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Some pictures from a trip to Brooklyn my wife and I took to see our younger son, who is a grad student at NYU. His first year he had one year only semi-subsidized housing in Manhattan, but he’s now in his second year, and on a grad student’s lowly earnings he had no choice but to migrate to Brooklyn. This was the first time I had been there, except to help him move in. I liked it. It has a more working class feel to it than Manhattan. We went to the Brooklyn Botanic Gardens and the Brooklyn Art Museum, for which I have always had warm and fuzzy feelings after it got Rudy Giuliani into such a lather some years ago.

We were presently surprised when our older son made a surprise appearance, so the whole family got to see the sights and see each other. Anyway, here’s a few pictures, with running commentary. (If you click on any picture, it should open up full size in your browser).

First, to set the stage, all week we had been hearing dire predictions of drenching rain. In the event, the weather was nearly perfect. If anything, too hot, considering the contrast with what had come before.

Despite the dreary winter, spring is coming, and the cherry blossoms at the Botanic Gardens were in full bloom to prove it. We arrived before noon, so entrance was free, another bonus for the day. This is a view a short way from the entrance.


The Cherry Blossoms in all their glory.


I wish I had a wide enough angle lens to catch this stately old tree in all it’s glory.


There were desert, temperate, and tropical greenhouses. Guess where this picture was taken:


This is a temperate plant, though I’m damned if I can remember what it is.


Actually, according to the sign, it was a “warm temperate” greenhouse, which included this pomegranate tree, which according to the sign is actually native to the Himalayas.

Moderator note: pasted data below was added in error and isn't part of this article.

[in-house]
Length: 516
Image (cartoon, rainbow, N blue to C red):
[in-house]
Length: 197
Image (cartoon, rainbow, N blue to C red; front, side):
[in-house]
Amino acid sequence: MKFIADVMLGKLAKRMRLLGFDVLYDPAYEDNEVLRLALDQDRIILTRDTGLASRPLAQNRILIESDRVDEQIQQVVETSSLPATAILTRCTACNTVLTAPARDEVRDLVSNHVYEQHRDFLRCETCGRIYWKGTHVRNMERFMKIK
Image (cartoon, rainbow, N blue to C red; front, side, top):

A few more views of the grounds:



Once again, I have no idea what these flowers are, but they were blooming outside.


It’s easy to forget you’re in the city, but all you have to do is look up to remind yourself.


After the gardens we took in the museum, which is well worth a trip. It seemed a bit more relaxed than the Manhattan museums, though it’s an imposing edifice on the outside:



As we approached the entrance we saw a number of people talking pictures of an exhibit in the entrance hall:


Which on closer inspection turned out to be this, which I decline to interpret:


As we entered, I learned from the fellow who inspected my backpack, that the above was the only exhibit that you were not allowed to photograph. This was somewhat at variance with what I’d observed so far, but he explained to me that he was the only one there, he was checking bags, and he wasn’t about to do two jobs (check bags and tell people not to take pictures), so pictures were taken without and perceptible adverse effects to the …ummm …work of art.

I didn’t really get any good pictures inside. I’m always hesitant to use a flash in places like that, and the light was too dim for using just available light. We spent most of our time looking at early American art, and perusing the visible storage room, where you can see much of the art they have stored away.

As we left (going down the stairs, in lieu of the elevator) who should appear outside a window but Lady Liberty, in all (actually maybe 1/20th) of her glory.